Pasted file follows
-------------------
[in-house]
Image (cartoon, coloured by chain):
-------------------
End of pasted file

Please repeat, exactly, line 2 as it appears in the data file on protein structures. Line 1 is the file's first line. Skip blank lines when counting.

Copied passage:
Image (cartoon, coloured by chain):